The seemingly interminable Presidential campaign has at last been terminated. Barack Obama will be our next president. With the day upon us, my wife and I breathed a collective sigh of relief. The relief only grew as drew on and the final results came in.
I was impressed by McCain’s concession speech. While it included many obligatory lines, I felt McCain made some very genuine, gracious statements. They recalled the man whom I admired in the 2000 campaign, for whom I voted in the primaries in 1999, and who has been absent far too often in the intervening years. I’m glad to have sighted him again. Hopefully he will reemerge in the new Senate.
I was rather confident that Obama would win this election, and I’m grateful that my confidence was not misplaced. I chose to vote for Nader as the best possible choice. But while I believe McCain would have been an improvement over the current administration (his choice for Vice President notwithstanding), Obama is the mainstream candidate under whom I have the most hope for a more progressive direction to our government.
Race is no reason to elect a President, but last night race certainly was a reason to celebrate a President. The ugly stains of bigotry were still dark and widespread in the fabric of our country not so long ago (it is within my lifetime that the LDS Church finally surrendered its own racist policies). Nor has racism been expunged from the republic. Yet this election is an enormous symbolic step for blacks and other minorities. We should relish that step and the jubilation of our minority sisters and brothers who feel empowered, inspired, and validated by this moment.
Obama’s acceptance speech was brilliant. I was moved by the humility, by the solemn tone, by the broader perspective of the task ahead. Of course, being a marvelous speaker does not make one a great president. I’ve been somewhat skeptical of the number of Obamaniacs who seem smitten solely based on his oratorical skills. Obama obviously has intelligence and incredible poise, but only time will tell whether he has the virtue, wisdom, and the fortitude to be a truly great president. We will see whether he has the character to bring people together to change course, or whether “Change” was merely a cynical political slogan. We will learn if he can make the honest political compromises necessary in government without being compromised.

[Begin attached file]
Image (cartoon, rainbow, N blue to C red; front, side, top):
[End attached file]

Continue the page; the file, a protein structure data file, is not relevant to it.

But no matter how Obama turns out, we should take inspiration from his beautiful address last night. The focus of the speech was not “Yes I will,” but “Yes we can.” No matter how magnificent a president he may turn out to be, he cannot solve all of our problems. His wisecracks at the recent charity dinner aside, Obama is not Superman. Conversely, no matter how inept or unprincipled he might reveal himself to be, we are neither powerless nor incapable of reforming our nation from the grassroots up. As Obama pointed out, this nation has made remarkable steps towards overcoming its flaws—not without stumbles and serious deviations from time to time; but improvement nonetheless. That progress, slow as it may be, has only occurred through the determined effort of people throughout society.
In this period in which we face many serious challenges, we can and must harness the energy catalyzed by the Obama campaign before it fizzles out. We can mobilize the youth who supported Obama in such numbers to continue to follow the liberal impulses which drew them in. We can recognize that, despite what Palin and those of her persuasion believe, community activism and organizing are noble and meaningful pursuits. We can put aside the self-interest which has played such a dominant part of the nation’s ideology to instead focus on sustaining the community; looking to care for the earth which supports us all, as well as for the needy, the downtrodden, and “the least of these.”
Yes we can.